Dubbo to host automated vehicle trial focused on kangaroo movements

TRIAL: At the announcement of the trial of the world's first driverless ute in Dubbo are Trystan Eeles, Troy Grant, Simon Berry, Ben Shields, Melinda Pavey, Geoff Ferris and Dugald Saunders. Photo: BELINDA SOOLE
TRIAL: At the announcement of the trial of the world's first driverless ute in Dubbo are Trystan Eeles, Troy Grant, Simon Berry, Ben Shields, Melinda Pavey, Geoff Ferris and Dugald Saunders. Photo: BELINDA SOOLE

What’s new, shiny, clever and driverless?

It’s the world’s first automated ute which is coming to Dubbo to collect data on kangaroo movements and show residents what NSW Roads Minister Melinda Pavey calls “the future of transport”.

Dubbo, Coffs Harbour and Armidale are the three regional NSW communities chosen to host automated vehicle trials.

The state government is spending $10 million across fours years introducing country people to driverless vehicles through trials.

Hopes are high that data collected by the trial in Dubbo will help prevent collisions between kangaroos and vehicles, automated or not.

Kangaroos wreaked havoc on NSW roads in 2018 with 16,000 crashes and two deaths recorded.

The government reports that current driverless technology is unable to react to the unpredictability of kangaroo movements.

Mrs Pavey came to Dubbo on Wednesday to announce the 12-month trial in the city.

It will kick off in about eight months when an “off-the-shelf” Toyota HiLux crew cab is retrofitted with automation technology with help from British company Conigital.

The automated ute will travel between Taronga Western Plains Zoo, Dubbo City Regional Airport and Dubbo’s central business district in all conditions and at all times.

Mrs Pavey is enthusiastic about tackling the “very,very complex and difficult question” of how to adjust the algorithms and data settings of automated vehicles to prevent collisions with kangaroos.

“Any information we collect will benefit all road users,” she said.

The minister said by late 2019 Dubbo motorists could be travelling in front or behind the automated ute which will have a “supervisor” in the passenger seat.

But the ute will be “driving itself” and collecting data, she said.

The ute will be recognised for its external features including sensors, logos of partners and automation branding.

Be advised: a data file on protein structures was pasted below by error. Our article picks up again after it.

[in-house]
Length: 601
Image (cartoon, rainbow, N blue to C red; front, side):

Trial partners include Transport for NSW, Buslines, the NRMA and Dubbo Regional Council.

Mrs Pavey was joined by retiring state Member for Dubbo Troy Grant and The Nationals’ candidate for the seat Dugald Saunders along with representatives of the partners, among them Dubbo mayor Ben Shields.

Mr Grant is pleased that Dubbo has a part in the development of driverless technology which “will undoubtedly play a big role in shaping transport technology of the future”.

Mr Saunders said the Dubbo community knew all too well the threat posed by kangaroos on roads.

“Crashes involving kangaroos can be deadly,” he said.

“This trial will advance ways that cars of the future can detect and avoid collisions with the animals.”

Mayor Shields said the Dubbo region tended to be the “roo capital” of NSW and drivers had been left to “put up with it”.

“It seems to me we’ve got a state government now that’s actually taking it seriously through the use of  technology and really getting stuck into this issue,” he said.

Mrs Pavey said many people did not appreciate how much automation of vehicles could “change how we transport people, particularly in regional NSW”.

NRMA chief investment officer Rachel Wiseman said 94 per cent of crashes were caused by human error “so the increased use of autonomous vehicles will bring about tremendous change on our roads”.

“Most new cars on our roads are already semi-autonomous, so trials like this are crucial in preparing for the future of mobility in Australia,” she said.